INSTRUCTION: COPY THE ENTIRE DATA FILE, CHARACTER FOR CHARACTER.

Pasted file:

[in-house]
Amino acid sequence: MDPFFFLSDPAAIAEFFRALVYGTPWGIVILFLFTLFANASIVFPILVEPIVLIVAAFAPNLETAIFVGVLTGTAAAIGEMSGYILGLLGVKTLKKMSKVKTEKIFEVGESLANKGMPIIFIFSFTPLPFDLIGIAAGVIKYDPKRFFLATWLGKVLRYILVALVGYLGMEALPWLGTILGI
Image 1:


[in-house]
Amino acid sequence: MDPFFFLSDPAAIAEFFRALVYGTPWGIVILFLFTLFANASIVFPILVEPIVLIVAAFAPNLETAIFVGVLTGTAAAIGEMSGYILGLLGVKTLKKMSKVKTEKIFEVGESLANKGMPIIFIFSFTPLPFDLIGIAAGVIKYDPKRFFLATWLGKVLRYILVALVGYLGMEALPWLGTILGI
Image 1: